computer charting is killing my career
- 0Jun 11, '13 by SterlinkI was given a laptop about 6 months ago. I charted on paper before that. Charting is my least favorite part of the job. But now with the computer it's killing my career. I am always behind in my computer charting. I do believe that our software is cumbersome. But it is all that we have, so I have to learn to use it intelligently. I'm looking for advice on how to integrate the laptop into my time in the home so that I can get my charting done and save my homecare nursing career. I'm looking for advice on everything from how to word things succinctly, briefly, yet completely, as well as advice on where to put the darn machine when I'm in the home. I sure hope someone's got some stuff I can pick up and run with. Thanks.
- 2,200 Visits
- 1Jun 11, '13 by SuninmyheartIn hospice I tried to create a flow to the actual visit and assessment to match how the assessment charting was set up. But of course that would not always work because visits with patients are unique and certainly not cookie-cutter. Most importantly, I would never put the computer between me and my patient. I created an environment where I could be present to the patient and somehow include them in on the charting process. I would say out loud parts of what I am typing and if done well can become a valuable way of paraphrasing and charting at the same time. It really works! I have had patients who tell me they appreciate my thoroughness and they feel listened to when they know I am documenting all their concerns and needs. Ha! But of course there are those visits where nothing goes smoothly and charting even one word is impossible.
- 1Jun 12, '13 by woohQuote from SterlinkYep, you're just doubling your work.I am trying to chart later...stubbornly trying to jot paper notes and catch up with the laptop later. I'm thinking I have got to stop this and work that machine into the visit.
Most important thing is to work WITH the program instead of trying to make it work with you. Don't think, "I need to chart this, how do I make it fit?" Instead think, "It wants me to chart this, this, this..." THEN, if after you do that, there's something left over to chart, add a note.
And if you haven't, learn to type. Mavis Beacon really does work. You can do more looking at the patient while you're putting your information in because you won't be looking at the keyboard. AND you'll get narrative stuff in lots faster.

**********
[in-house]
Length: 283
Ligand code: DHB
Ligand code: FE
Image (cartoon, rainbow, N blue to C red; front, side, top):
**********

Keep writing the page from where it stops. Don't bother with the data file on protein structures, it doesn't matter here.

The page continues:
- 0Jun 17, '13 by St_ClaireI keep the laptop on my lap and go through the OASIS then the care plan. I put the laptop in my bag and do my assessment making notes in my notebook, I also note what I taught, issues, etc. then when I get to my car I do the nursing note and put in the vitals. Make the laptop your friend.
- 0Jun 17, '13 by SterlinkQuote from St_ClaireThat sounds interesting. I might try that. Now a stupid question.... What do you mean by "the care plan?" Are you referring to a start, or a revisit?I keep the laptop on my lap and go through the OASIS then the care plan. I put the laptop in my bag and do my assessment making notes in my notebook, I also note what I taught, issues, etc. then when I get to my car I do the nursing note and put in the vitals. Make the laptop your friend.
- 1Jun 18, '13 by Isabelle49Do you have space in your program to jot notes. We have a narrative section and occ I jump to that and enter in shorthand anything that I will want to include with my final narrative or anything I will have to put in the right place later. We are using Androids.
- 0Jun 19, '13 by BenedinaI create a Word document on my laptop for each patient. In the home, I open the software chart and use it to fill in vital signs and physical exam directly. Anything extra, I write notes into the Word document ("call MD @ WOC orders, dtr worried about approp snacks")--that sort of thing. This is a good compromise for me: I can do the care plan & visit note later from my notes, but I have hard data already entered into the computer.